Is it better to put more energy into your marriage, or should raising your kids properly be your first concern? If you think pouring your everything into your little munchkins is the best way to do things, then this episode may be a bit of an eye-opener for you. We’re going to unpack the relationship between happy marriages and happy parenting and happy kids. And it may not be what you expect to hear.
Think of Your Family as a System
Let me start with a little bit of psychobabble here but I’ll keep it simple. I want you to think of your little family unit as a system. In other words, it is made up of some moving parts and some groups of parts. The whole family, dad, mom, and children, are one system. But there are subsystems within it. And these subsystems interact and influence one another and the family as a whole. For example, your marriage is a subsystem of your family system. The mother-son relationship is a subsystem.
The reason why we need to talk about systems is because it helps us understand that one system can affect another, as well as the family as a whole. For example, the marital relationship can affect parenting relationships, and vice versa[i].
Since the whole family is one system, emotions and actions displayed in one of its subsystems can spill over into the others. For example, a husband who is good at attending to his wife’s needs will naturally be better at looking after his kids too, since similar traits and actions are involved. Equally, a husband who dislikes spending time with his wife and is hostile towards her will tend to be more hostile to his children too since the anger and resentment spill over[ii]
For that reason, it’s impossible to think about looking after your kids without also making your marriage a priority.
Marital Satisfaction = Parenting Satisfaction
Here’s a quote from one study: “A satisfying marital relationship is the cornerstone of happy family life, leading to more positive parent-child relationships and more congenial sibling relationships.[iii]“.
Another study confirmed a strong link between marital satisfaction and “sensitive, warm and responsive parenting”[iv] (Pedro et al, 2012). This link is one way: marital satisfaction causes good parenting and good parent-child relationships, not the other way around.
In other words, you cannot improve your marriage by improving your parenting. But you can improve your parenting by improving your marriage.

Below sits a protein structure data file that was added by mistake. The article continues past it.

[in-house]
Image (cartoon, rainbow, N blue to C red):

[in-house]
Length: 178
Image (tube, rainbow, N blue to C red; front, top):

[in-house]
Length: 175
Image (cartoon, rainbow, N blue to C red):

I really think this is countercultural to a lot of what we see today where there is so much emphasis on pouring all the effort and investment into the children. What this research is showing, and we’ll learn more about this as we proceed, is that pouring effort into the marriage results in real benefits to the children.
The reverse is also true: low marital satisfaction leads to poor parenting. Emotionally distant spouses are often less supportive of their children and display less warmth, while marriages high in conflict often lead to more anger directed at the children[v].
Where this is particularly tricky is if you kind of give up on your spouse and pour effort into your children hoping you can redeem things there. I get why folks do that but if it is at all possible, the marriage is what needs your attention.
Stepfamilies Are a Slight Exception
There is one exception here. Yes, normally good parenting flows from a well-functioning marriage. But in step-families, the relationship actually runs both ways: marital satisfaction leads to better parenting of step-children but forming a healthy relationship with the step-children also creates a healthier marriage.
This is because in stepfamilies the step-parent typically does not have a pre-existing relationship with the children. Consequently, she or he has to work at developing a workable relationship with those children in the first stages of the marriage in order to create a stable household. We did a full episode on blended families a while back but it’s worth pointing out here as well.
Why Does Focusing On a Good Marriage Lead to Good Parenting?
It really comes down to three things: spillover, resources, and modeling.
Spillover: as mentioned above, positive mood, emotions, traits, and behavior from the marriage will naturally spill over into the parenting relationships. The family is a system, remember. So one aspect functioning well naturally improves things in the others.
Resources: an unhappy or conflict-filled marriage will be a drain on both spouse’s emotional and mental resources. This will negatively impact the couple’s parenting ability as they will have less energy and willpower to properly look after their kids, and will react more negatively to bad behavior. Conversely, a happy marriage increases the emotional resources both spouses have, enhancing their ability to deal with parenting challenges.
Modeling: children observe how their parents behave and learn a lot about how to act based on this observation or “modeling”. Children who see their parents treat each other with respect and kindness will learn that this is the right way to interact with loved ones.
Putting Your Marriage First
Once again we’ve created some bonus training for our much-appreciated supporters. This week you will learn how to put your marriage first by coming together on parenting and figuring out how to navigate your biggest parenting challenges together. We don’t often talk about parenting but in this bonus training, we give you the essentials for helping your family move to a happier place. You can get this by becoming a patron of The Marriage Podcast for Smart People.
Let’s just pivot slightly to look at how different styles of parenting lead to greater happiness for parents and children.
Your Parenting Style Matters
Co-Parenting Is Good for Couples and Children
Co-parenting is defined as: